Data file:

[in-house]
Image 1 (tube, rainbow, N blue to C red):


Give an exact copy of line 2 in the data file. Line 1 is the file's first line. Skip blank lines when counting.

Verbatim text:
Image 1 (tube, rainbow, N blue to C red):